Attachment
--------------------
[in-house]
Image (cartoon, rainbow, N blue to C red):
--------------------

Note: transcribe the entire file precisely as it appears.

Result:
[in-house]
Image (cartoon, rainbow, N blue to C red):